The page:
Press Done to go back to the installation summary screen.
Under the System section, you must choose the installation destination. Select the storage device on which you would like to install Qubes OS.
Your installation destination can be an internal or external storage drive, such as an SSD, HDD, or USB drive. The installation destination must have a least 32 GiB of free space available.
Installing an operating system onto a USB drive can be a convenient way to try Qubes. However, USB drives are typically much slower than internal SSDs. We recommend a very fast USB 3.0 drive for decent performance. Please note that a minimum storage of 32 GiB is required. If you want to install Qubes OS onto a USB drive, just select the USB device as the target installation device. Bear in mind that the installation process is likely to take longer than it would on an internal storage device.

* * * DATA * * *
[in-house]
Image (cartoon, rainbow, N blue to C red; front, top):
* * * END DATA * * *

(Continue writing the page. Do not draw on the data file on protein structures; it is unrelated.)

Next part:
As soon as you press Done, the installer will ask you to enter a passphrase for disk encryption. The passphrase should be complex. Make sure that your keyboard layout reflects what keyboard you are actually using. When you’re finished, press Done.
When you’re ready, press Begin Installation.
Create your user account
While the installation process is running, you can create your user account. This is what you’ll use to log in after disk decryption and when unlocking the screen locker. This is a purely local, offline account in dom0. By design, Qubes OS is a single-user operating system, so this is just for you.
Select User Creation to define a new user with administrator privileges and a password. Just as for the disk encryption, this password should be complex. The root account is deactivated and should remain as such.
When the installation is complete, press Reboot. Don’t forget to remove the installation medium, or else you may end up seeing the installer boot screen again.
If the installation was successful, you should now see the GRUB menu during the boot process.
Just after this screen, you will be asked to enter your encryption passphrase.
You’re almost done. Before you can start using Qubes OS, some configuration is needed.